CFP: Special Issue, "Ethnography and Musical Theatre"

deadline for submissions: 
October 1, 2018
full name / name of organization: 
Jake Johnson and Judah Cohen
contact email: 

Special Issue of Studies in Musical Theatre:

 Ethnography and Musical Theatre


Guest Editors: Judah M. Cohen (Indiana University) and Jake Johnson (Oklahoma City University)


With Musical Theatre studies now thriving in the fields of musicology, theatre, and literature, the time is right to expand into a more ethnographic mode that explores the broader musical theatre ecosystem. Musical theatre, after all, extends well beyond Times Square through an astonishingly rich variety of musical networks. From national tours, cruise ships, films, ‘live’ television and theme parks, to amateur venues including high schools, summer camps, community theatres, and regional pageants, to widely flung developmental networks highlighted through such entities as the BMI workshop and college musical theatre programs, musicals are an everywhere phenomenon. In broadening the focus of Musical Theatre studies to include the everyday, lived experiences with and of musicals, this special issue promotes ethnographic methodologies as a means to investigate the genre more readily and robustly, illuminating such areas as social function, community, and indigenous theory. By acknowledging the important yet understudied role by which communities large and small practice musical theatre—and choose what stories to tell—the essays in this issue will provide a meaningful context for understanding both canonical and non-canonical works from the point of view of the people who create them.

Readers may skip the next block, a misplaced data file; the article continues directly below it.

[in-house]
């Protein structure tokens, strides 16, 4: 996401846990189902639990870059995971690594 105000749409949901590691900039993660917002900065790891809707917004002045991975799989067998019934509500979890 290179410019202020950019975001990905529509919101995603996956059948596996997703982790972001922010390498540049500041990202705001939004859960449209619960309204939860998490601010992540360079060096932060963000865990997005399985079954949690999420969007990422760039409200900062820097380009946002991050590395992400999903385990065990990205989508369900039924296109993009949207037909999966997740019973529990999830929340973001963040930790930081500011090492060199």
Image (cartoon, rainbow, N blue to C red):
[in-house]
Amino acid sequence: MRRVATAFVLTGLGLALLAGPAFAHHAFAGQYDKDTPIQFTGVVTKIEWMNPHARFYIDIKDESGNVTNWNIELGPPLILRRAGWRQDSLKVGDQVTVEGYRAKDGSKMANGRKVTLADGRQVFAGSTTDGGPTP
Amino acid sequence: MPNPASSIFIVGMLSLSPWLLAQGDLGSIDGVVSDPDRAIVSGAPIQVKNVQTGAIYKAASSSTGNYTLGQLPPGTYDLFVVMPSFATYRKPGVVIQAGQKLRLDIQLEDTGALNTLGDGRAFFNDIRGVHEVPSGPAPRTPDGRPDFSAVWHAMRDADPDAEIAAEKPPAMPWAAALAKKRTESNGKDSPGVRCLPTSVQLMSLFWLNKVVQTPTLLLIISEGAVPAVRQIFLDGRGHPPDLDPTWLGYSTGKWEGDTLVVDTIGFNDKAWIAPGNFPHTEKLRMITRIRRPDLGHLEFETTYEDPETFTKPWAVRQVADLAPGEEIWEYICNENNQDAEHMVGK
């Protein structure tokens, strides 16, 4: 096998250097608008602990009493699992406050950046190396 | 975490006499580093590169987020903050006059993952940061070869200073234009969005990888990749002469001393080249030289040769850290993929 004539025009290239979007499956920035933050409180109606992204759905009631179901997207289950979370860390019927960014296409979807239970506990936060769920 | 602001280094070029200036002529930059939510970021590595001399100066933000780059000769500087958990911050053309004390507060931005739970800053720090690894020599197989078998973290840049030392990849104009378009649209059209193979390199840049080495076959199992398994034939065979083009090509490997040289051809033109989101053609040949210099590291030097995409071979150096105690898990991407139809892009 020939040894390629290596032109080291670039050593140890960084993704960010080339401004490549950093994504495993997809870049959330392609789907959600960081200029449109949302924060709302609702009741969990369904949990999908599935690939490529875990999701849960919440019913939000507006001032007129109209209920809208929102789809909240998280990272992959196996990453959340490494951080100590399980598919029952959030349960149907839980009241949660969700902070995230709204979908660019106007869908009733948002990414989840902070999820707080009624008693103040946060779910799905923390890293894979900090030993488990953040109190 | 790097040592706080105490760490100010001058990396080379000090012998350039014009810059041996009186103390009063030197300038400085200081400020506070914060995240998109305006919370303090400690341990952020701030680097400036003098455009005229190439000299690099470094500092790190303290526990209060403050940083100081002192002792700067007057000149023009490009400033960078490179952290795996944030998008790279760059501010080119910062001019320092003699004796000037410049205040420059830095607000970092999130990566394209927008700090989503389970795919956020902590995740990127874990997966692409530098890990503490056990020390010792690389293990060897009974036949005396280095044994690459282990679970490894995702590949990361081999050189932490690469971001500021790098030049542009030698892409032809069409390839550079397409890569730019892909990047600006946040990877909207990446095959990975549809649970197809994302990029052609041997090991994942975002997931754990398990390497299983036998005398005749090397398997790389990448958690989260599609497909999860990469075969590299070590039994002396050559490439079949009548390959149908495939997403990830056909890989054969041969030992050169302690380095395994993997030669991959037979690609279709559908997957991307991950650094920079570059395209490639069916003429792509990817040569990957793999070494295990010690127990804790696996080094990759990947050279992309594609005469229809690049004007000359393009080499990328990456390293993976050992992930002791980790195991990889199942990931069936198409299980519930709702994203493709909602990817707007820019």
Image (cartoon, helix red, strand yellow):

We welcome performers and scholars from all disciplines to consider musical theatre ethnographically. Topics might include:


Methods and ethics in researching musicals through an ethnographic lens

Musical theatre as a facilitator of temporary (or long-term) community

Musicals in under-studied places

Discursive networks in musical theatre

Local pageants and the making of place

Musicals in education and professional training programmes

The musical as a live (and lived) entity

Global practices of musical theatre

The process(es) of making musical theatre


Please submit abstracts of c. 500 words to and by 1 October 2018.  Selected abstracts will be invited to be developed into articles of 5000-6000 words, due by May 2019 for a projected publication date of January 2020. Submissions will undergo a full blind peer review, which will determine final selection.